There aren’t many directors who are known to the general moviegoing public, because they’re mostly unseen, but when a filmmaker comes along with a clear and unique vision that stands out, audiences tend to notice. That’s how it went with Tim Burton, a former Disney animator who has gone on to become the first name in gothic cinema.
Drawing inspiration from the German expressionist period and collaborating with Johnny Depp and Helena Bonham Carter so much that it’s become a joke, Burton has built one of the best-remembered careers in Hollywood. Here are Tim Burton’s 10 Best Movies, According To Rotten Tomatoes.
Richard Donner might have created the superhero blockbuster with 1978’s Superman: The Movie, but Tim Burton created the dark superhero blockbuster with 1989’s Batman. He then followed it up with an even better sequel, 1992’s Batman Returns.
Michael Keaton continues to be the definitive big-screen Batman in the sequel, deepening the psychology of Bruce Wayne as a guy who moonlights as a masked vigilante, while Michelle Pfeiffer and Danny DeVito provide a brilliant double-whammy of villains as Catwoman and the Penguin, respectively. (This set the template for each subsequent Batman movie to have two villains – Warner Bros. hasn’t looked back since.)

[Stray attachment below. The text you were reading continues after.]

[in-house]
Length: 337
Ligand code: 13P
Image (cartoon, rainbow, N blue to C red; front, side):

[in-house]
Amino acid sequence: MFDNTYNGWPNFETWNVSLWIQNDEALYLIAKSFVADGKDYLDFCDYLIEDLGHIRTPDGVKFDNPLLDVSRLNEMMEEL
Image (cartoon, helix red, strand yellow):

Tim Burton might seem like an odd choice for an adaptation of Roald Dahl’s children’s book classic Charlie and the Chocolate Factory, but at least his quirky, bleak, gothic visual style helped to differentiate this version from the previous version starring Gene Wilder.
Johnny Depp played a Willy Wonka that was weirder than ever and Burton gave the factory an unusual steampunk look that made the film a dark alternative to its predecessor. It wasn’t as good as the original adaptation, and Wilder himself thought as much, but it was still a dazzling, sumptuous, compelling work of big-budget cinema.